Jimi Hendrix Sculpture Garden in Toronto. CITYNEWS/Diana Pereira
What is that?: Toronto sculptures explained is a new series looking at a different sculpture in the city every week. Have you seen a piece of public art in your daily commute and wondered what it was about? Me too … so I’ve decided that I’d learn a little bit more about my own city and share it with you.
Making one’s way down Spadina is always a trip among worlds.
Spadina Road, just north of Eglinton in Forest Hill, is a quiet residential route leading up to a castle.
Once past Casa Loma, several neighbourhoods await. Coming up next is The Annex with its coffee and books, the University of Toronto also with its coffee and books, and cheese mongers and vintage shops at Kensington Market. There are dumplings and street food stands at Chinatown, music and restaurants in the Entertainment District, CityPlace with its dog parks and condos, and finally, the lake, with its wavy decks and tall ships.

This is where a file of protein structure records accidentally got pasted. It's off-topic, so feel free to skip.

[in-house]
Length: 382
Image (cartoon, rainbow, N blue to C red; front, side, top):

It’s no wonder I missed this sculpture garden for nearly 38 years.
The Jimi Hendrix Sculpture Garden is hidden in an alley at 736 Spadina Ave., just south of Bloor between a condo and the Miles Nadal Jewish Community Centre.
The sculpture is two hands holding each other, called “People Helping People,” designed by sculptor Al Green in 1990. The condo developer, who is the sculptor’s son, reportedly loves Hendrix’s music, thus the garden’s name.
When I visited the sculpture, the unfortunate word “THUG” had been written on it.
The art on the wall of the condo, a plaque reads, was reproduced by the Green’s mould from the facades of the Victorian homes, which were built circa 1890, which occupied the site until 2004.
Trees stand and fruit hangs in front of the mould, almost hiding it from view.